The Life I’ve Built
My last day in India. I’ve accomplished packing all of my belongings that I’ve accumulated over the past 4 and and half months into my baggage, barely making it under the weight limit. I’m becoming to realize that I’m really going to miss the life I’ve been living abroad.
I feel like it was yesterday when I was dreaming and hoping that my parents would let me come. Thinking that India is so crazy. So out there. So out of the ordinary. I could go anywhere…why India? It was a gut feeling from the second I opened up the study abroad brochure. Fate.
But as you all have followed my journey you must have figured out that it was a perfect choice by now. Every single moment has brought me to a greater good. Each experience had an impact on me that I will never forget. From seeing some of the most beautiful places on earth, to rickshaw rides, to working for the NGO of my dreams, to getting sick, to missing home…everything changed me. It would take me hours upon hours to pin point what I’ve learned while I’ve been here. So I narrowed it down.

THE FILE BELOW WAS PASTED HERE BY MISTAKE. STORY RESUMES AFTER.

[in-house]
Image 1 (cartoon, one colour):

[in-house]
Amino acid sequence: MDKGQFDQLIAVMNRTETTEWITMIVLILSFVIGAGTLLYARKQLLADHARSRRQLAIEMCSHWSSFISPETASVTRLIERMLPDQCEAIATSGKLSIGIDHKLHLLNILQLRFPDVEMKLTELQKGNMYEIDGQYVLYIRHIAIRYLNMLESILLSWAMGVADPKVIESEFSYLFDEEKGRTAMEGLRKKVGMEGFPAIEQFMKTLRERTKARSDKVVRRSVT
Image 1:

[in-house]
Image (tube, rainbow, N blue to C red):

One, I’ve learned that I can really be happy if I set me mind to it. Anyone can be. Before I came here I don’t think I really understood what it meant to live a hard life. I’ve had my tough moments and some very hard losses but I took for granted so much. Here every single day I meet and see countless people who don’t even know where their next meal is coming from but they still have a smile on their face. Whether it’s migrant workers on the side of the road working in 110 degree weather or if it’s slum children living in the world’s worst living conditions they laugh and smile for the new day and living life to the fullest. Positivity is so important to the well being of all of our lives. Sure we ALL have our moments. It’s okay to cry and scream into your pillow or vent to a good friend. But to hate life is cruel. Now that I’ve been here, I will never say that I hate my life. I’ve experienced the heat, the dirt, the sickness and all the crazy things we complain about as foreigners. But I get to go home tomorrow. To the life that I’ve missed so much. However, some people call here home and they love it for all that it is. Anyone can be happy wherever they are, its what you make of it. For the rest of my life when I feel like giving up or I get frustrated over something I should be thankful for Im going to take a deep breath and remember India. I can be happy and I can do anything!